The third state for a process is blocked. A blocked process is one that is waiting for some external event. For example, if a process needs a piece of data from a file, it will call the operating system routine that retrieves the information and then voluntarily give up the remainder of its time slice. When the data is ready, the system changes the process' state from blocked to idle, and it will be resumed again when its turn comes.
The predominant operating systems for workstations is Unix, developed in the 1970s at Bell Labs and made popular in the 1980s by the University of California at Berkeley. Even though there may be just one user, and that user is executing only one program (e.g. a text editor), there will be dozens of tasks running. Many Unix services are provided by small systems programs known as daemons that are dedicated to one special purpose. There are daemons for sending and receiving mail, using the network to find files on other systems, and several other jobs.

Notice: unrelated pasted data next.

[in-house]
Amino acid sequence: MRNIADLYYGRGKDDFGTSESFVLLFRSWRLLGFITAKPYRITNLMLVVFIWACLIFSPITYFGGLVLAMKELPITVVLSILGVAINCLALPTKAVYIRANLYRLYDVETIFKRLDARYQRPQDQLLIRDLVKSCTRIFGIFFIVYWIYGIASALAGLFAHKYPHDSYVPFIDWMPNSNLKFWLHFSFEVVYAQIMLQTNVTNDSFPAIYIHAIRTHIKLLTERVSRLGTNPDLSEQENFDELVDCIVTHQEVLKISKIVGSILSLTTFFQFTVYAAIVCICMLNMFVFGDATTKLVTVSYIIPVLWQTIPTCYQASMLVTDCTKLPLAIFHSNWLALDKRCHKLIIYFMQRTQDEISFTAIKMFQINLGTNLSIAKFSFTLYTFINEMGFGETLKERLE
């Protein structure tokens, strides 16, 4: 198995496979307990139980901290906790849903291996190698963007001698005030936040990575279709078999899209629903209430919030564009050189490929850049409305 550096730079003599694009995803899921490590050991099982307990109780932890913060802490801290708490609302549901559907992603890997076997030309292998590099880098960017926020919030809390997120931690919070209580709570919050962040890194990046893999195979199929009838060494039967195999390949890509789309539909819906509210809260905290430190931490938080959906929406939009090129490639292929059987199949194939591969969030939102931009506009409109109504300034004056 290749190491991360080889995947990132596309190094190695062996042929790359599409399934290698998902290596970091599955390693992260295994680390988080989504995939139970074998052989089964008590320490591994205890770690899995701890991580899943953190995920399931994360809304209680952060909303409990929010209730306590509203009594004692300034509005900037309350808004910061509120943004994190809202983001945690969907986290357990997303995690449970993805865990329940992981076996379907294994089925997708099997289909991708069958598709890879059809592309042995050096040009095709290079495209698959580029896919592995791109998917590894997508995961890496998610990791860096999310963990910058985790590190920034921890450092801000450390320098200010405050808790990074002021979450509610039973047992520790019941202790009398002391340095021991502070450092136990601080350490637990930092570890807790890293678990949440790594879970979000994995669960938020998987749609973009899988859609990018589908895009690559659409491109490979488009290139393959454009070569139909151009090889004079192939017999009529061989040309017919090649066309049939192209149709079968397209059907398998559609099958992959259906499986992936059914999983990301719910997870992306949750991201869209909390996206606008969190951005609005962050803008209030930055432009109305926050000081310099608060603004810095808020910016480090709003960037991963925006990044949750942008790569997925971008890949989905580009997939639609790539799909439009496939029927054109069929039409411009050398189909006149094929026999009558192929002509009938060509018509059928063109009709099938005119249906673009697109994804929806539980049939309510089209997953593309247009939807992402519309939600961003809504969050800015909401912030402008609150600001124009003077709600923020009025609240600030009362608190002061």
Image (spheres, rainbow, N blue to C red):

The fact that there may be several processes running in a system at the same time as your computational science application has ramifications for performance. One is that it makes it slightly more difficult to measure performance. You cannot simply start a program, look at your watch, and then look again when the program stops to measure the time spent. This measure is known as real time or ``wall-clock time,'' and it depends as much on the number of other processes in the system as it does on the performance of your program. Your program will take longer to run on a heavily-loaded system since it will be competing for CPU cycles with those other jobs. To get an accurate assessment of how much time is required to run your program you need to measure CPU time. Unix and other operating systems have system routines that can be called from an application to find out how much CPU time has been allocated to the process since it was started.